Legal Storm Brewing For Airbnb And Other P2P Travel Sites

Published on August 8th, 2011 | by

Last week, we wrote about Airbnb’s recent troubles with a San Francisco user whose house was vandalized by a guest who booked through the online service.

Since the story broke, Airbnb has publicly apologized to the homeowner and issued a new guarantee whereby the personal property of hosts who accept reservations through Airbnb will be covered for loss or damage due to vandalism or theft up to $50,000.

Although the fledgling company has done its best to handle this public relations disaster with speed and compassion, the incident served as a rally cry for those who have opposed peer-to-peer lodging services because of the legal gray area in which they operate.

In San Francisco, some say property owners who use online services to temporarily rent out their homes are in direct violation of the law, and should be stopped.

From SF Gate:

Airbnb of San Francisco acts as a matchmaker, allowing people to briefly rent out their apartments or rooms to travelers, while charging a service fee. But city rent control laws and planning regulations technically prohibit residents from doing this. The Planning Department defines a property that’s leased for less than 30 days as a hotel, which is subject to restrictions, permits, fees and taxes that are largely ignored in these cases.

There’s also a California law that prevents unfair competition, which might apply to people who rent rooms on a short-term basis without going through the same process that legitimate hotels and bed and breakfasts do.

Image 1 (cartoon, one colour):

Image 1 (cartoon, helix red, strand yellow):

Because many see services like Airbnb, Wimdu or Roomarama, as a way to generate a significant supplemental income, properties in popular cities that should be permanent residences have become permanent hotel rooms instead. Opponents say this takes rent controlled properties off the market, and in some cases prompts the eviction of legitimate tenants already living there.

Communities surrounding San Francisco, including Santa Cruz County, Capitola, Monterey and Carmel have already taken legal steps to limit temporary rentals, and short-term apartment rentals have already been banned in New York City and Paris.

What do you think? Are peer-to-peer lodging and travel sites circumventing their legal responsibilities or should renters and property owners be allowed to use their residences as they see fit? Let us know in a comment!

Image Credit: Flickr – taberandrew


About the Author

Beth believes many societal problems can be solved through sharing or other alternatives to the corporate system. I'm interested in exploring the growing collaborative consumption movement and how sharing is changing the way we work and play. See what I'm up to by following me on Twitter as @ecosphericblog.